An interdisciplinary team of mathematicians, engineers, physicists, and medical scientists have uncovered an unexpected link between pure mathematics and genetics, that reveals key insights into the structure of neutral mutations and the evolution of organisms.

Number theory, the study of the properties of positive integers, is perhaps the purest form of mathematics. At first sight, it may seem far too abstract to apply to the natural world. In fact, the influential American number theorist Leonard Dickson wrote ‘Thank God that number theory is unsullied by any application.’

And yet, again and again, number theory finds unexpected applications in science and engineering, from leaf angles that (almost) universally follow the Fibonacci sequence, to modern encryption techniques based on factoring prime numbers. Now, researchers have demonstrated an unexpected link between number theory and evolutionary genetics.

Aug 10, 2023

Small-molecule autocatalysis may have paved the way for the emergence of evolution by natural selection

Posted by in categories: biological, chemistry, evolution, genetics

The discipline of systems chemistry deals with the analysis and synthesis of various autocatalytic systems and is therefore closely related to the study of the origin of life, since it investigates systems that can be considered as a transition between chemical and biological evolution: more complex than simple molecules, but simpler than living cells.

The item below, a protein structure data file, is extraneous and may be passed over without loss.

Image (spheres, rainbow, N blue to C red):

Tibor Gánti described the theory of self-replicating microspheres as early as 1978. These still lacked , but concealed within their membranes an autocatalytic metabolic network of small molecules, isolated (compartmentalized) within their membranes.

As the autocatalytic process takes place, the membrane-building material is also produced, leading to the division of the sphere. This system may appear to be a , and although it lacks genetic material, this can only be verified experimentally. These microspheres can be considered as “infrabiological” , since they do not reach the level of biological organization, but they exceed the complexity of normal chemical reactions.

Aug 9, 2023

Memory and forgetting are key to social learning, study suggests

Posted by in category: evolution

One of the most actively debated questions about human and non-human culture is this: under what circumstances might we expect culture, in particular the ability to learn from one another, to be favored by natural selection? Researchers at the Max Planck Institute for Evolutionary Anthropology in Leipzig, Germany, have developed a simulation model of the evolution of social learning. They showed that the interplay between learning, memory and forgetting broadens the conditions under which we expect to see social learning to evolve.

Social learning is typically thought to be most beneficial when the environments in which individuals live change quite slowly – they can safely learn tried and tested information from one another and it does not go out of date quickly. Innovating brand-new information, on the other hand, is thought to be useful in dynamic and rapidly changing environments.

Researchers Madeleine Ammar, Laurel Fogarty and Anne Kandler at the Max Planck Institute for Evolutionary Anthropology developed an agent-based simulation model of the evolution of social learning that incorporated the ways in which animals might remember, forget, and share crucial pieces of information throughout their lives. They asked: when do the agents want to learn from others? When is it best to forget or retain information that they have learned? When is it best to innovate?

Aug 6, 2023

Unseen Fluctuations: Challenging Inflation | Robert Brandenberger

Posted by in categories: cosmology, education, Elon Musk, evolution, particle physics, quantum physics